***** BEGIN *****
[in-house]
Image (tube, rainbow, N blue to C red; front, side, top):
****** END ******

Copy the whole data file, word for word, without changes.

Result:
[in-house]
Image (tube, rainbow, N blue to C red; front, side, top):